While ERα mutations resulted in a mouse suture phenotype, the underlying mechanisms that translated a biochemical deficiency into a craniofacial dysmorphism remained unclear. To elucidate possible mechanisms, we next turned to in vitro culture of suture-derived mesenchymal cells (SMCs), of which the procedure has been previously described [7], [8], [32]. In vitro, estrogen signaling was either artificially increased with the addition of 17-β estradiol (E2), or decreased with addition of the synthetic, pan-ER antagonist Fulvestrant (ICI 182,780).

17-β Estradiol increases cellular proliferation of PF suture-derived mesenchymal cells, reversible by Fulvestrant

Posterofrontal suture-derived mesenchymal cells (SMCs) were isolated from p4 animals, a time period where the PF suture is widely patent, separated by an undifferentiated cellular mesenchyme (see also Supplemental Fig. 2A,B for histology). To assess the effects of estrogen signaling in SMCs, both E2 and the ER antagonist Fulvestrant were added to medium, alone or in combination; in vitro studies included proliferation, osteogenic and chondrogenic differentiation assays. Effects on cellular proliferation were first examined by BrdU incorporation assays (Fig. 3). At both 3 and 6d growth, E2 was observed to increase BrdU incorporation, (Fig. 3A, 0.1–10 nM, N = 6, *P<0.01). No effect was observed with blockade of estrogen signaling via Fulvestrant addition to medium alone (left Fig. 3B, 0.1–10 uM). By combining Fulvestrant with E2, the mitogenic effect of E2 was reversed, (right Fig. 3B, 10 nM estradiol, 0.1–10 uM Fulvestrant, *P<0.01).

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Figure 3. Cellular proliferation of PF SMCs with 17-β Estradiol and Fulvestrant.

After 3 and 6d growth with or without 17-β estradiol (0.1–100 nM), BrdU incorporation assays were performed to evaluate cellular proliferation. (A) BrdU incorporation with or without 17-β estradiol. Treatment with 17-β estradiol (E2) resulted in increased proliferation (0.1–10 nM). (B) BrdU incorporation after 6d growth with Fulvestrant alone or in combination with 17-β estradiol. Fulvestrant alone showed no effect on BrdU uptake (left), while in combination with E2 was observed to reverse the mitogenic effect of E2 (right). Values are normalized and significance levels calculated relative to control groups in grey, N = 6, *P<0.01.

https://doi.org/10.1371/journal.pone.0007120.g003

17-β Estradiol increases osteogenic differentiation of PF suture-derived mesenchymal cells

Estrogens have been shown to promote osteogenesis in disparate cell types, both in vitro and in vivo [33][39]. To assess the osteogenic effects of E2 on SMCs, firstly, ERα and ERβ gene expression were evaluated throughout osteogenic differentiation (0, 1 and 2 wks in osteogenic differentiation medium). As has been reported in other cell types, expression of both ERα and ERβ were observed to increase overtime in osteogenic medium, (Fig. 4A, N = 3, *P<0.01) [37], [40]. After 7d differentiation, staining and quantification of alkaline phosphatase (ALP) activity was performed as an early marker of osteogenic differentiation (Fig. 4B,C). Results showed that E2 increased both the intensity of ALP staining, and absolute value of enzymatic activity when normalized to total protein content (Fig. 4B,C, N = 3, *P<0.01). Terminal osteogenic differentiation was assessed at 14d differentiation, by Alizarin red staining of bone nodules and colorimetric quantification (Fig. 4B,D, N = 3, *P<0.01). Congruent with ALP activity, Alizarin Red staining demonstrated a dose-dependent increase with E2 addition (Fig. 4B,D). Gene expression of osteogenic specific markers was assessed to verify E2 mediated enhancement of in vitro osteogenesis (Fig. 4E). Consistent results were obtained both with early markers (Runx2, ALP, Col1α1) and terminal markers of differentiation (Osteocalcin): each showed a significant increase in expression with E2 as compared to osteogenic medium alone (Fig. 4E, N = 3, *P<0.01). Thus, E2 addition to osteogenic medium enhanced SMC osteogenic differentiation.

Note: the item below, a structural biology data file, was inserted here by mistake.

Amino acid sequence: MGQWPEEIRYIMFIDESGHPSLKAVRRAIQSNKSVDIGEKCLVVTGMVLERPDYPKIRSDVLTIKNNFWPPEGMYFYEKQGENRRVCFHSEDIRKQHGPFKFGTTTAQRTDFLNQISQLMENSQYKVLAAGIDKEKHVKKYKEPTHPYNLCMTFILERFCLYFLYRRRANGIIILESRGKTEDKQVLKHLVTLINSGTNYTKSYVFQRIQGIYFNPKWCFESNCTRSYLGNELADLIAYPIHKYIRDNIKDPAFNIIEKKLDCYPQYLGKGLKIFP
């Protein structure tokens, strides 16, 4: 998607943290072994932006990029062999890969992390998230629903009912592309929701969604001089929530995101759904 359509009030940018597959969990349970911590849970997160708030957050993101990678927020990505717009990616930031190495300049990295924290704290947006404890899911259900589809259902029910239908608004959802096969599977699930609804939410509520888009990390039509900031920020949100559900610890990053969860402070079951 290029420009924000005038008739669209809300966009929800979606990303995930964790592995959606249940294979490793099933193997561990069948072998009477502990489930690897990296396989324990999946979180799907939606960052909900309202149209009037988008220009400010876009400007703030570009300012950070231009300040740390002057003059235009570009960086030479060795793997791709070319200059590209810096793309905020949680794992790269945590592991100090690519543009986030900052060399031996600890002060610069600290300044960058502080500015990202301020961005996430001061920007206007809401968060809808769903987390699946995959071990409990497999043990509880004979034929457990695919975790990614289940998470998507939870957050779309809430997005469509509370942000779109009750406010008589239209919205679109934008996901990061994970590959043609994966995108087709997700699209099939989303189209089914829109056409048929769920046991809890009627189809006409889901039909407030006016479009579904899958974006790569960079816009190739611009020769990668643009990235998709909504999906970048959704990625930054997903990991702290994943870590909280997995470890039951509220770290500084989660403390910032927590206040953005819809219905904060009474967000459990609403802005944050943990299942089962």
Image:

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Figure 4. Osteogenic differentiation of PF SMCs with 17-β Estradiol.

(A) ERα and ERβ expression throughout osteogenic differentiation (0, 1 and 2 wks). (B, left) Enzymatic alkaline phosphatase activity normalized to total protein content after 7d differentiation with or without E2. (B, right) Photometric quantification of Alizarin red staining after 14d differentiation with or without E2. (C) Alkaline phosphatase staining with or without E2 after 7d differentiation. (D) Alizarin red staining with or without E2 after 14d differentiation. (E, left) Expression of early markers of osteogenic differentiation (Runx2, ALP and Col1α) at 4d differentiation with or without E2. (E, right) Osteocalcin expression after 14d differentiation with or without E2. (F) Bmp2, Bmp4 and Bmp7 expression at 4d differentiation with or without E2. (G) Shh, Ihh, Gli1 and Ptc1 expression at 4d differentiation with or without E2. Values are normalized and significance levels calculated relative to control groups in grey or 0 wk expression levels in blue, photos are representative of random microscopical fields at 20× magnification, N = 3, *P<0.01.